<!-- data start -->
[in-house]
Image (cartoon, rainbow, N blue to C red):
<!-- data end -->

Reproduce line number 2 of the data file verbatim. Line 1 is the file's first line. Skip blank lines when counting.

Image (cartoon, rainbow, N blue to C red):